My guess is you’ve searched this page out because you’re playing the Immaculate Grid.
If I’m right, that also means that today’s grid is asking for players who have played for both the Toronto Maple Leafs and the New Jersey Devils.
And, I’m also guessing that you’re a little stuck on this particular square and you’re looking for a little help to keep your grid immaculate. Sound about right so far?
Well, good news, I’m here to help.
I’ve already done the research and have put together a list of well-known stars along with some more “under-the-radar” players that could land you a low rarity score.
David Clarkson began his NHL career with the New Jersey Devils in 2006 after going undrafted. His breakout season came in 2011-12 when he scored 30 goals for the Devils, proving he could be more than just a physical force on the ice. This performance helped the Devils reach the Stanley Cup Finals that year.
In 2013, Clarkson signed a lucrative free-agent contract with the Toronto Maple Leafs, a move that came with high expectations given his recent success in New Jersey. However, his time in Toronto was marked by injuries and a struggle to replicate his earlier scoring prowess.
Clarkson’s contract was later traded to the Columbus Blue Jackets, but injuries continued to plague him, limiting his on-ice contributions. He officially ended his playing career in 2016.
Joe Nieuwendyk was selected by the Calgary Flames in the 2nd round of the 1985 NHL Entry Draft with the 27th overall pick. He played his collegiate hockey at Cornell University before embarking on an illustrious NHL career.
Over his 20-season NHL career, Nieuwendyk played for the Calgary Flames, Dallas Stars, New Jersey Devils, Toronto Maple Leafs, and Florida Panthers. He achieved great success, winning the Stanley Cup three times with three different teams: the Flames in 1989, the Stars in 1999, and the Devils in 2003.
Nieuwendyk was awarded the Calder Trophy as the league’s top rookie in 1987-88 and the Conn Smythe Trophy as the MVP of the playoffs in 1999. He finished his career with 564 goals and 562 assists for 1,126 points and was inducted into the Hockey Hall of Fame in 2011.
Nieuwendyk Key Stats
- Hall of Fame (Flames, Stars, Devils, Panthers, Maple Leafs)
- 1000+ Career Points (Flames, Stars, Devils, Panthers, Maple Leafs)
- 500+ Career Goals (Flames, Stars, Devils, Panthers, Maple Leafs)
- 40+ Goal Season (Flames)
- 50+ Assist Season (Flames)
Dave Andreychuk had a distinguished career in the NHL, known especially for his goal-scoring prowess and leadership. His career spanned over two decades, during which he played for several teams including the Sabres, Maple Leafs, Devils, Bruins, Avalanche and Lightning.
One of the highlights of his career came later in his tenure with the Tampa Bay Lightning, where he served as the team captain. Under his leadership, the Lightning won the Stanley Cup in 2004. This victory was particularly special as it came towards the end of his career, and the Stanley Cup had eluded him until then.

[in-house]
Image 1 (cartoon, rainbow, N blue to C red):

Andreychuk retired as one of the highest-scoring left-wingers in NHL history, holding the record for most career power-play goals for some time. His longevity in the league, consistent scoring ability, and leadership on and off the ice were hallmarks of his career. In recognition of his achievements, Andreychuk was inducted into the Hockey Hall of Fame.
Andreychuk Key Stats
- Stanley Cup Champion (Lightning)
- 1000+ Career Points (Sabres, Maple Leafs, Devils, Lightning, Bruins, Avalanche)
- 500+ Career Goals (Sabres, Maple Leafs, Devils, Lightning, Bruins, Avalanche)
- 40+ Goals in a Season (Sabres, Maple Leafs)
- 50+ Assists in a Season (Sabres)
Phil Housley was drafted by the Buffalo Sabres in the first round of the 1982 NHL Entry Draft. Housley had an extensive career, playing for several teams including the Jets, Blues, Flames, Devils, Capitals, Blackhawks, and Maple Leafs. He is the second-leading scorer among American-born players with 1,232 points (338 goals and 894 assists).
Housley never won the Stanley Cup, coming closest with the Capitals in 1998 when they were swept in the Stanley Cup Finals by the Detroit Red Wings. At the time of his retirement, he had played more NHL games without winning the Stanley Cup than any other player in NHL history.
Housley was inducted into the United States Hockey Hall of Fame in 2004, the Buffalo Sabres Hall of Fame in 2007, and the Hockey Hall of Fame in 2015. His legacy in ice hockey, particularly his scoring prowess as a defenseman, has left a lasting impact on the sport.
Housley Key Stats
- 1000+ Career Points (Sabres, Flames, Jets, Capitals, Blackhawks, Blues, Devils, Maple Leafs)
- 50+ Assists in a Season (Sabres, Jets)
Peter Zezel was a skilled Canadian player, selected 41st overall by the Philadelphia Flyers in the 1983 NHL Entry Draft. He made his NHL debut at the age of 19, scoring 61 points and setting a Flyers’ rookie record with 46 assists. His early career was marked by offensive prowess, and he was instrumental in the Flyers reaching the Stanley Cup Finals.
Zezel later joined the St. Louis Blues, where he had some of his best seasons, including a career-high 49 assists and 70 points in the 1988-89 season. Zezel’s career trajectory shifted after being traded to the Capitals in 1990 and subsequently to the Maple Leafs. His role evolved to a defensive specialist, particularly in Toronto.
Throughout his NHL career, Zezel played in 873 games, scoring 219 goals and 388 assists, totaling 607 points. He is remembered for his strong faceoff skills and versatile playing style, adapting from an offensive player to a defensive specialist over his career.